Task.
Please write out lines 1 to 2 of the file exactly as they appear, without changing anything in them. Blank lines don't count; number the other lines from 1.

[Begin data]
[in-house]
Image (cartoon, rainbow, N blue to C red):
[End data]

[in-house]
Image (cartoon, rainbow, N blue to C red):